Re: Recent windshield gaskets ? ? - Saab Vintage Models Bulletin Board -
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Re: Recent windshield gaskets ? ?
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Posted by eric in vermont [Email] (#2058) [Profile/Gallery] (more from eric in vermont) on Sat, 1 Dec 2018 04:50:33 Share Post by Email
In Reply to: Recent windshield gaskets ? ?, BobD, Fri, 30 Nov 2018 14:39:52
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Hi Bob,

I recently installed a windshield in my '64 Bullnose. I removed it from a donor car and transferred it over. I used a new gasket from Tom Donney.

I was extremely nervous about the whole installation process, let me tell you- afraid I would break the glass. I queried several VSaab experts and came up with common points based on the "cord" method. Google this method and you'll find a number of videos that show you how.

1. Lay windshield on two saw horses, with inside facing up.
2. Clean windshield around edges- especially important for a used windshield to get rid of all remnants of sealant.
3. Install new gasket on windshield and cut to length. It should err on being slightly long, as the gaskets shrink. Make a nice clean cut with a razor blade.
4. Super glue the ends of the gasket together. Cut should be on the bottom center of the windshield.
5. Carefully press in the lock strip. This can be a bit frustrating, but take your time and work it in, being careful not to bend or distort it in any way. Snap in the end covers after getting both halves completely in.
6. Wrap a strong cord around the windshield, fitting it into the groove where the metal windshield "rim" on the car will fit in. Note there are two grooves on the open edge of the new gasket. One works and the other doesn't. Hard to describe- I got the wrong one first time and tried twice to install it, with no success. I bought the cord at a local hardware store- made of nylon. The cord should go all the way around the windshield and overlap at the bottom, in the middle by a couple of feet.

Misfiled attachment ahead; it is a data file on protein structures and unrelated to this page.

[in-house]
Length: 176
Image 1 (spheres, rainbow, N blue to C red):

7. Take a break, have a beverage, deep breathe, pray.
8. Lubricate the windshield gasket and the car opening liberally! Two options- dish soap works great, but can leave a messy residue. Windex is preferred by professionals, as it simply evaporates. But that means you need to keep the bottle handy and continue to re-spray to keep it wet. I used Windex.
9. With the help of a trusted friend, lay the windshield on the car opening and center it the best you can, fitting in the lower edge first and laying it down against the opening.
10. One person inside the car will pull the cords, starting from the bottom, as the other applies light pressure to the windshield from the outside guiding it in. This is the scary part.
11. The cord must be pulled quite hard, especially as it comes around the corners. Wear gloves! You must pull it evenly, meaning start at the bottom center and pulling one side at a time for a few inches, then go to the other side. "Even" is the key and "uneven" means there will be a large chance of cracking the windshield, due to stress on the windshield.
12. As you pull the cord, you're pulling the gasket lip inside, rolling it over the edge of the car's metal opening, starting at the bottom center and going up and around to the top, a few inches at a time as the assistant applies light pressure from the outside. OH! Forget to say to make sure the car lip is clean, free of rust, etc.
13. Spray lubricant liberally as you go. Take your time, don't force, take a break if you need to.
14. The top corners are the toughest. It takes alot of force to pull on the cord. Have the assistant lay his/her hands against the glass from the outside, pulling it down to help guide it.
15. Once in, you now can go around the outside and you may find some areas that aren't seated properly. Apply more lubricant to that area, inside and out. One person inside the car can pull on the gasket in that area, sort of pulling it into the channel, and the other can push against the lock strip on the outside. Hopefully, it will seat better.
16. Once you're happy with the seating, you can run a small bead of windshield sealer up under the lip on the outside of the car, if you like. It's recommended to do that to prevent leaks.

Okay, that's pretty much the basics of it. Once I got the hang of it, and got the cord in the right groove, it wasn't bad. Except I found I cut the gasket TOO long. It bunched up. So I recut it, removing about 0.5 inch and reglued. This was a pain, as I essentially had to start over and reinstall the lock strip.

Feel free to ask any further questions to help clarify.

eric in vermont

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